American Sentences from 2011

I have begun harvesting my American Sentences from this past year. It’s always a blast from my recent past to do this and this is eleven years now of writing one of these 17 syllable poems every day.

Here is the first decent one of the year:

1.12.11 – Just because he has a bald spot doesn’t mean he can’t have a Mohawk.

I am also engaged in taking notes on Nod House, Nate Mackey’s latest book of poems and getting a review of Chinese poet/politician Jidi Majia together while my wife & I host her folks, my Mom and my daughter, so there’s a lot going on. But, I am about half way through and am putting these sentences up in large number to see what sticks and what does not. I am usually too close to them to really know.

Here’s the link to the bunch: But I plan to add more as I get some writing/editing time to plow through three more pocket journals.

About Splabman

SPLAB and Cascadia Poetry Festival founder Paul E Nelson wrote American Sentences (Apprentice House, 2015), Organic Poetry (VDM Verlag, Germany, 2008), a serial poem re-enacting the history of Auburn, Washington, A Time Before Slaughter (Apprentice House, 2010) and Organic in Cascadia: A Sequence of Energies (Lumme, Brazil, 2013). Founder of the Cascadia Poetry Festival, in 26 years of radio he interviewed Allen Ginsberg, Michael McClure, Anne Waldman, Sam Hamill, Robin Blaser, Nate Mackey, Eileen Myles, Wanda Coleman, Brenda Hillman, George Bowering, Joanne Kyger, Jerome Rothenberg & others, including many Cascadia poets. He lives in Seattle and writes at least one American Sentence every day. Co-Editor of Make It True: Poetry From Cascadia, he is in year five of a twenty year Cascadia Bioregional Cultural Investigation. (Oct 12-15, 2017, Tacoma, WA)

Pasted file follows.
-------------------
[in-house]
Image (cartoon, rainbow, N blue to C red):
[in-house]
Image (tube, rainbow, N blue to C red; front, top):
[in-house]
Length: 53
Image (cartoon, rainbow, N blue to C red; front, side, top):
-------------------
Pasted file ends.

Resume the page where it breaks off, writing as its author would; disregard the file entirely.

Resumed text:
This entry was posted in Uncategorized and tagged , . Bookmark the permalink.

2 Responses to American Sentences from 2011

  1. hg says:

    Less colourful than most of yours, Paul. Still, here’s an authentic American Sentence from 2011. State of origin was either Kansas or Kentucky.

    I can’t forget the tour guide saying, “My country is on the decline.”

  2. Paul Nelson says:

    Well, he’s probably an authentic American.

Leave a Reply